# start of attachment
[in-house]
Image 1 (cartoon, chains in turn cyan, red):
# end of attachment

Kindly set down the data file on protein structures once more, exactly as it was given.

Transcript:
[in-house]
Image 1 (cartoon, chains in turn cyan, red):